Master filmmaker Alexander Sokurov philosophizes about cinema, culture, and politics in Finnish helmer Leena Kilpelainen’s enjoyable docu “The Voice of Sokurov.” Those hoping for a full biography should look elsewhere, and the film does little to illuminate his working methods. Instead, Kilpelainen’s interviews, shot over five years yet compiled as if done in seven days, looks at the breadth of the man’s achievements rather than the details, and is most interesting when the cultivated director offers insights into his way of thinking. “Voice” is an appealing fest item, likely to get further traction out of a 52-minute smallscreen edit.
Each interview is in a different locale in Sokurov’s beloved St. Petersburg, a city that’s nurtured him and features significantly in his oeuvre. In a prologue, the vet director speaks of his fearlessness, and offers that if he couldn’t work in Russia, he’d certainly leave. This pull, between the refined city he loves and his uncensored views on the troubling Russian state in all its recent permutations, forms the most revealing element of Kilpelainen’s elegant docu. Sokurov’s pessimism comes from years of bucking government control, and while his sense of resignation is informed by the past, he’s also very much aware of the present.
His first significant brush with state control came in 1978, when he made his debut feature, “The Lonely Voice of Man,” and discovered that it was banned (release came with glasnost, in 1987). In fact, he had to break into the storerooms of the Russian State U. of Cinematography (VGIK) to steal his own reels, slated for destruction, and replace them with something more disposable. Moral support from Andrei Tarkovsky was comforting, yet Sokurov spent years under surveillance, constantly fighting censorship, until Mikhail Gorbachev came to power (presumably Sokurov must have had some high-placed supporters, though this isn’t mentioned).
His tribulations with power obviously inform such films as “Moloch,” “Taurus,” “The Sun” and “Faust,” the latter ironically partly funded with backing from Vladimir Putin. The Russian president is clearly a man Sokurov disagrees with, yet difficulties finding financing forced him to accept Putin’s support — dare one suggest that Faust’s pact with the devil spawned another troubling contract? Dictatorships need art, Sokurov says, democracies not, since they’re geared toward the lowest common denominator.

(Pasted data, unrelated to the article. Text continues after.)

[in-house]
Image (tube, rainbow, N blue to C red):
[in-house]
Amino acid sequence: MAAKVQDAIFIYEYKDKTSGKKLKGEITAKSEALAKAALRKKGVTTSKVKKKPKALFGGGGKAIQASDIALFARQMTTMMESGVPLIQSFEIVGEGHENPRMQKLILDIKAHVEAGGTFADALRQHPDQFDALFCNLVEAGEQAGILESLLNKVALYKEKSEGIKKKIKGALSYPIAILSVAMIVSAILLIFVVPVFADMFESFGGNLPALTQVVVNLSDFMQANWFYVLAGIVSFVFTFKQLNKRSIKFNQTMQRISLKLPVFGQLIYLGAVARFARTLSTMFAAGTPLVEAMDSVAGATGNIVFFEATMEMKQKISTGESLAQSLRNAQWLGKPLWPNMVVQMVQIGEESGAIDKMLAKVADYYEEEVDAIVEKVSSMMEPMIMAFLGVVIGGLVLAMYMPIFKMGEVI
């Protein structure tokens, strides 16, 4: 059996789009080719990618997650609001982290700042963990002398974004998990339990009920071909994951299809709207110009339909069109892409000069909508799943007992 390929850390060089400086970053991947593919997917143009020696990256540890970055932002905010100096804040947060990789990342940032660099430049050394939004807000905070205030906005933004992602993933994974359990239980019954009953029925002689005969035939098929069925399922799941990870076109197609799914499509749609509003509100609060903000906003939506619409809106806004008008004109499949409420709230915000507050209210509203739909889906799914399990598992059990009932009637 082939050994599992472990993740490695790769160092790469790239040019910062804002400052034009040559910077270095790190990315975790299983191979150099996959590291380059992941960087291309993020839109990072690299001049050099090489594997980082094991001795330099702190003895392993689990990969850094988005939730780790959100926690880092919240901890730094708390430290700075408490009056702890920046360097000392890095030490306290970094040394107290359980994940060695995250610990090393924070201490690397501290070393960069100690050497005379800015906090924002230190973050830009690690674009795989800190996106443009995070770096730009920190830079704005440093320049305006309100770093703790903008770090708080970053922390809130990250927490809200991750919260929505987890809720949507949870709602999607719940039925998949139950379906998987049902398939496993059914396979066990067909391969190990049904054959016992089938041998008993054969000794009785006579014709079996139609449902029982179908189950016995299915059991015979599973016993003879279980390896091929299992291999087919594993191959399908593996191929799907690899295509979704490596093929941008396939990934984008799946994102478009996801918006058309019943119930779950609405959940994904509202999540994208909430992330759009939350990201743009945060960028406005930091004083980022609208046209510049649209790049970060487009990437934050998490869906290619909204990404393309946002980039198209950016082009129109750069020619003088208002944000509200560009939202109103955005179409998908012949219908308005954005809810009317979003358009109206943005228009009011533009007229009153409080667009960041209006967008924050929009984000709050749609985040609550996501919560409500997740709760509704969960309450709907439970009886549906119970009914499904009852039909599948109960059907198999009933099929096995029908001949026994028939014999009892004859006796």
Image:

Later, he states that culture lies with the far right and the far left: The rest is just swamp, with a few practitioners crawling in and out on occasion. This very Russian pessimism suits Sokurov and his films, with their strong sense of decadence (using the true definition of cultural and moral decline), though he’s clear in stating that none of his movies is in any way autobiographical — including “Father and Son,” around which several theories continue to swirl.
At the end of the interviews, Sokurov speaks of his fight to preserve historic buildings in St. Petersburg, and his sadness that Lenfilm is now a privatized concern (without naming him, the director makes a dig at Fedor Bondarchuk, among others, when he states that the people now in charge of the historic production unit are a dubious lot). “Cinema won’t survive the quality test,” says the filmmaker, “its language is aging.” One suspects even Sokurov wouldn’t mind being proven wrong, and glimpses on-set of his new film, shot in the Louvre, suggest the master, at least, isn’t the one aging.
Kilpelainen makes good use of clips, and the interviews are handsomely lensed. One major hole is the near absence of Sokurov’s superb docus (apart from his film on Mstislav Rostropovich) — a peculiar deficiency as their themes neatly elide with the filmmaker’s interests and obsessions. Given Sokurov’s sensitivity to music, it’s surprising Kilpelainen doesn’t engage him on that topic, although she makes good use of various scores.